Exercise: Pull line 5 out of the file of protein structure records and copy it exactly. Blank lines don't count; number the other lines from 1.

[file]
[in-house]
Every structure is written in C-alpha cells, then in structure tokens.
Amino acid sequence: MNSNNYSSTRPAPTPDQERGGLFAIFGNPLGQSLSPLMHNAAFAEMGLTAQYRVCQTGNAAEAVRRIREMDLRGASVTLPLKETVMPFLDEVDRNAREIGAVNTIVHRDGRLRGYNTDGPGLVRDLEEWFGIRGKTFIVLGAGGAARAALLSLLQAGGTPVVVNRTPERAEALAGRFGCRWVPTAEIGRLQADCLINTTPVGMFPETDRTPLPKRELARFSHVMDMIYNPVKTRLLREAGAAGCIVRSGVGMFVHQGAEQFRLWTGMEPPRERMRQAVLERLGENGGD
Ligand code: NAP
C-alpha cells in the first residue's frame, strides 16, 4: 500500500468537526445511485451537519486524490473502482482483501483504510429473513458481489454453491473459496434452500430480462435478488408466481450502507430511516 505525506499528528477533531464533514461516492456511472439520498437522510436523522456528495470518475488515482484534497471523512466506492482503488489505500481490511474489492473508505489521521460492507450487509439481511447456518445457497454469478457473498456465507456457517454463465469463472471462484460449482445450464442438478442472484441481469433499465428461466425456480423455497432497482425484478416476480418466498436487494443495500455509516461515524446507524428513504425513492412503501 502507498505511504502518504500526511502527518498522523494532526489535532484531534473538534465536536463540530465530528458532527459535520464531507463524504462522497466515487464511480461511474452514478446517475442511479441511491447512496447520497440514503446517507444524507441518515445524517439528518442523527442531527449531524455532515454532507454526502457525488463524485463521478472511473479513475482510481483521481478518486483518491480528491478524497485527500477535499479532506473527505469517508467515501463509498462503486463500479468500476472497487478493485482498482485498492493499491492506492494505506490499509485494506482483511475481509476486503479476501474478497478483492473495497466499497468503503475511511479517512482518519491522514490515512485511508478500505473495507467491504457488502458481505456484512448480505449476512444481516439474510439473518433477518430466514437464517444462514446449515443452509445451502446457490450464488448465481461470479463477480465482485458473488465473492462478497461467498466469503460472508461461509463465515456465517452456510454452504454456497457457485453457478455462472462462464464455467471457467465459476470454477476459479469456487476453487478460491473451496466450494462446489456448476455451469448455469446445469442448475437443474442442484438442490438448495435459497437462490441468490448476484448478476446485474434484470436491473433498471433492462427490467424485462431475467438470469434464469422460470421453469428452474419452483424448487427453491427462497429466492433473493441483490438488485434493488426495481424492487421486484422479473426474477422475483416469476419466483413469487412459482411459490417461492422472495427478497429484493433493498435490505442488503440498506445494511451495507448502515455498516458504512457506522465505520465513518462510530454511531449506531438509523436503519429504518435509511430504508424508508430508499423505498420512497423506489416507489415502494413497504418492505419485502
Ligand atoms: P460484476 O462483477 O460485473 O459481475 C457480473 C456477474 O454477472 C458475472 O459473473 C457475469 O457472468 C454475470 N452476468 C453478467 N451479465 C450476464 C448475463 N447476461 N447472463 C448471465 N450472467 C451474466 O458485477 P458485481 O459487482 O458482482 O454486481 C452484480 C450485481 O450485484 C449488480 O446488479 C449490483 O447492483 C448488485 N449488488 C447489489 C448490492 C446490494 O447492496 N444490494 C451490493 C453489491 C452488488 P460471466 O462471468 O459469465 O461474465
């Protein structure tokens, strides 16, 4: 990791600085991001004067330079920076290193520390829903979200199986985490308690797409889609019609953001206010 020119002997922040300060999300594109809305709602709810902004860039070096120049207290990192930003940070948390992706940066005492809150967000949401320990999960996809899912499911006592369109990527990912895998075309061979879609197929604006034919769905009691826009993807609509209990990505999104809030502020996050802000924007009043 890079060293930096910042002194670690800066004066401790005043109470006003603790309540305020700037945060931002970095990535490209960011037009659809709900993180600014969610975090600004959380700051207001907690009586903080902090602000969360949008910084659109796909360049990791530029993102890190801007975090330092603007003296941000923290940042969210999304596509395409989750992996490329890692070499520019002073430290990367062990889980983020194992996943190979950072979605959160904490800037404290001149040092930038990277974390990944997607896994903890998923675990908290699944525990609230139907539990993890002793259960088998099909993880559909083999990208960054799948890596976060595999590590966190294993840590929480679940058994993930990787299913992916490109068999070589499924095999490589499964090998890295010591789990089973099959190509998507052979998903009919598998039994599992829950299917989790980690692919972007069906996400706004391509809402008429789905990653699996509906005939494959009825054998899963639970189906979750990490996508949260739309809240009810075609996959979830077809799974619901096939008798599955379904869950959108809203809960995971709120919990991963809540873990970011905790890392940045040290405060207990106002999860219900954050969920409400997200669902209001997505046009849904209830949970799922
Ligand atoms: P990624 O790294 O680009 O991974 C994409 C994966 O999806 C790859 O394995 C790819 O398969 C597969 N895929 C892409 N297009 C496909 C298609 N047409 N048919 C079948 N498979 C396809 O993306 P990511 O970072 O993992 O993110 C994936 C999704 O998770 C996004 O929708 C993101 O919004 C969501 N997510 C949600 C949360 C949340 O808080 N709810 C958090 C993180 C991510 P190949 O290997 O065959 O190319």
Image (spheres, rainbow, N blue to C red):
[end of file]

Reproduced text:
C-alpha cells in the first residue's frame, strides 16, 4: 500500500468537526445511485451537519486524490473502482482483501483504510429473513458481489454453491473459496434452500430480462435478488408466481450502507430511516 505525506499528528477533531464533514461516492456511472439520498437522510436523522456528495470518475488515482484534497471523512466506492482503488489505500481490511474489492473508505489521521460492507450487509439481511447456518445457497454469478457473498456465507456457517454463465469463472471462484460449482445450464442438478442472484441481469433499465428461466425456480423455497432497482425484478416476480418466498436487494443495500455509516461515524446507524428513504425513492412503501 502507498505511504502518504500526511502527518498522523494532526489535532484531534473538534465536536463540530465530528458532527459535520464531507463524504462522497466515487464511480461511474452514478446517475442511479441511491447512496447520497440514503446517507444524507441518515445524517439528518442523527442531527449531524455532515454532507454526502457525488463524485463521478472511473479513475482510481483521481478518486483518491480528491478524497485527500477535499479532506473527505469517508467515501463509498462503486463500479468500476472497487478493485482498482485498492493499491492506492494505506490499509485494506482483511475481509476486503479476501474478497478483492473495497466499497468503503475511511479517512482518519491522514490515512485511508478500505473495507467491504457488502458481505456484512448480505449476512444481516439474510439473518433477518430466514437464517444462514446449515443452509445451502446457490450464488448465481461470479463477480465482485458473488465473492462478497461467498466469503460472508461461509463465515456465517452456510454452504454456497457457485453457478455462472462462464464455467471457467465459476470454477476459479469456487476453487478460491473451496466450494462446489456448476455451469448455469446445469442448475437443474442442484438442490438448495435459497437462490441468490448476484448478476446485474434484470436491473433498471433492462427490467424485462431475467438470469434464469422460470421453469428452474419452483424448487427453491427462497429466492433473493441483490438488485434493488426495481424492487421486484422479473426474477422475483416469476419466483413469487412459482411459490417461492422472495427478497429484493433493498435490505442488503440498506445494511451495507448502515455498516458504512457506522465505520465513518462510530454511531449506531438509523436503519429504518435509511430504508424508508430508499423505498420512497423506489416507489415502494413497504418492505419485502